Community rallies to support Christian school after arsonist fire

0 512

Pictured Above: Crosspoint Baptist Fellowship Church in Perry held a community prayer service on the same day that an arson fire destroyed the main office of its Point of Grace Christian School. “The theme of this service was – we have already forgiven this man in our hearts,” said School Administrator Randy Maubach. 

God is making beauty of ashes from the fire set by an arsonist that destroyed the main office of Point of Grace Christian School  and its only bus.

Crosspoint Baptist Fellowship
The administrator’s office was damaged during the fire.

That’s how school administrator Randy Maubach describes the fire set by an arsonist the week before school was to start in August. While the fire delayed school orientation, the school year began on schedule, and the repairs and renovations to the school offices are expected to be complete by early November, thanks to overwhelming community support. The school is part of Crosspoint Baptist Fellowship church in Perry.

Maubach said pledges of support and donations began coming in the day of the fire, including one pledge from a local business to pay for all the building supplies needed for renovations and repairs, and another pledge to replace the church’s old school bus, which was used for field trips. Damages from the fire are estimated at $100,000.

On the Saturday after the fire, about 50 people representing the community and six different churches showed up to assist in gutting the office space to ready it for repair. With the large crew of volunteers helping, the work was completed in about two hours.

Crosspoint Baptist Fellowship
The main office for Point of Grace Christian School was destroyed by fire in August.

“My initial thought was that it was going to take us six to eight months before we were up and running. But we’re probably within three weeks of being able to move back in,” Maubach said. “It’s really just the supplies that are holding us up.”

Police have arrested a man on charges of arson and say he intentionally set the fire at the school. Church officials say surveillance cameras show he tried to get into the church first, and when that didn’t work, he moved to the school.

The office building is comprised of four different offices, and the arsonist set a fire in each one, destroying the main office. Fire officials say setting multiple fires caused the fires to compete for oxygen, helping to reduce damages. The suspect also closed the main office door when he left, which also was beneficial.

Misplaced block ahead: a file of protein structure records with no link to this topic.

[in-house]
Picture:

Based on surveillance video, officials believe the fire was only burning about an hour before a teacher showed up early for work and reported the fire.

Despite the damages, Maubach said that school and church leaders look at this as a blessing for several reasons.

“We feel like this was an opportunity to show forgiveness,” he said. “We had a prayer service that night at 6 p.m. that was open to community. The theme of this service was that we had already forgiven this man in our hearts. That’s our responsibility as Christians.”

In fact, members of the church put together a letter-writing campaign and wrote letters to the arson suspect, letting him know he was loved and forgiven.

Crosspoint Baptist Fellowship
The main office for Point of Grace Christian School was destroyed by fire in August.

A second blessing was how the community came together and responded, he said. Donations of more than $60,000, in addition to the building supplies donation, helped replace office furniture, computers and equipment.

The third blessing was the beauty from ashes that occurred from being able to redesign the office space.

“We were never comfortable with how our offices were set up,” he said. “We’ve used this as an opportunity to start from scratch and get this how we want it laid out. We see God’s hand in that. We were able to take something that was bad and get the good out of it.”

Once the renovations are complete and the office is reopened, the church plans to dedicate the building in memory of two students who died in the past year.

As for the bus, Maubach said a church member with automotive expertise is helping select a used bus replacement for consideration. They are looking for a traditional school bus that can seat around 50 passengers.

“Our bus was a typical old Baptist church school bus. It was probably 40 years old, and it was affectionately called ‘Dragonfly’ because it would drag up one side of a hill and fly down the other,” he said with a laugh. “We want to get something that will be reliable for us.”

Leave A Reply

Your email address will not be published.